Iceland introduces road tax for electric cars

Published 28 March 2024
- By Editorial Staff
According to Icelandic politicians, electric cars have so far generated too little tax revenue.

Electric car owners in Iceland will now have to pay road tax per kilometer due to a drop in fuel tax revenues. However, owners of petrol and diesel cars are exempt from the kilometre tax – at least for the first year.

In Iceland, the growing number of electric car owners means fewer gasoline-powered cars. This in turn means less revenue from fuel taxes, which means that the budget for road maintenance and the like is no longer sustainable.

For this reason, Icelandic politicians have introduced a so-called kilometer tax for electric cars, reports tax-funded Swedish state broadcaster SR. For pure electric cars, this means a kilometer tax of six Icelandic crowns, which is about 50 öre. For plug-in hybrids it is two Icelandic crowns. Next year, a kilometre tax will also be introduced for petrol and diesel cars.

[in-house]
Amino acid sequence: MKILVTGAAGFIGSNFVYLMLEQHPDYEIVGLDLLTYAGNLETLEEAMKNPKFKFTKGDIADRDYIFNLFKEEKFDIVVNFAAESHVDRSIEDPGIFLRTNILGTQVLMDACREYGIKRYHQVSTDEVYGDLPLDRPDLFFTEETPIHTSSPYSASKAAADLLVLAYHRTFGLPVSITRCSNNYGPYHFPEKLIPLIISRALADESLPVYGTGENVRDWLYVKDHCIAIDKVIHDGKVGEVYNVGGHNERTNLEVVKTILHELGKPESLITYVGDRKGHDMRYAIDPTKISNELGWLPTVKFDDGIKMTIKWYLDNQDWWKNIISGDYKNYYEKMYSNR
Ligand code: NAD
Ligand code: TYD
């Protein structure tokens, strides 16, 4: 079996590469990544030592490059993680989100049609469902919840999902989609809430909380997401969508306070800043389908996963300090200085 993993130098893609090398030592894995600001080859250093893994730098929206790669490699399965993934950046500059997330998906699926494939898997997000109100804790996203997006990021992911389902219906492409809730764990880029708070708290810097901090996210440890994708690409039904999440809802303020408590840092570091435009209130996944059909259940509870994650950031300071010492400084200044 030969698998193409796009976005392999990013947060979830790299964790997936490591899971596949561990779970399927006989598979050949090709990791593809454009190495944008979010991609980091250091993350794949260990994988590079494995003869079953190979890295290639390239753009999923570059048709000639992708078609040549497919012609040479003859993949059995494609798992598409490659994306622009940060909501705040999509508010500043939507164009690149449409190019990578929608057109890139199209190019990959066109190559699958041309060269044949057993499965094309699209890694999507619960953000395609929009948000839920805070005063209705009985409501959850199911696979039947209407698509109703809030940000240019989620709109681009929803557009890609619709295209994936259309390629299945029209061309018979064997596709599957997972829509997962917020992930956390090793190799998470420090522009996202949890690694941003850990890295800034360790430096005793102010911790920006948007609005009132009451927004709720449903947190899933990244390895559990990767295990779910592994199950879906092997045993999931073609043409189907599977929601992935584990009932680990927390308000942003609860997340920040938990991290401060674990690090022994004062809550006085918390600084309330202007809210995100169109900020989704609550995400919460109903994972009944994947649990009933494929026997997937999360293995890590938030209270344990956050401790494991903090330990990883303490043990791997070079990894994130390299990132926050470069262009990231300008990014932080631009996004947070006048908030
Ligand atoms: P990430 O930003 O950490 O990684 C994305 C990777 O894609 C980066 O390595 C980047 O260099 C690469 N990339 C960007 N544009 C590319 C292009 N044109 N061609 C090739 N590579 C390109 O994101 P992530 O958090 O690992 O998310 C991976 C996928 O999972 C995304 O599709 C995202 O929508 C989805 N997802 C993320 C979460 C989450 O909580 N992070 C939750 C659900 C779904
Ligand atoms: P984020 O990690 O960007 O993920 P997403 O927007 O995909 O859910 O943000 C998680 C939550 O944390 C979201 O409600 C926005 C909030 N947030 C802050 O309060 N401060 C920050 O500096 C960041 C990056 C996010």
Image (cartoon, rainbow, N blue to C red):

It will soon be forbidden to sell new gasoline and diesel cars in the EU, which means that other countries are also discussing vehicle taxes. In San Diego in the USA, for example, such proposals were rejected due to public protests. It has also been discussed in Sweden, as proposed by the IVL Swedish Environmental Research Institute, among others.

– We see that tax revenues are decreasing as more and more of the vehicle fleet is electrified, transportation researcher Anders Roth told SR. In addition, we need to address the issue of acceptance of general taxes, and a road tax can be a good way to make it cheaper to drive in the countryside and a little more expensive to drive in the city.

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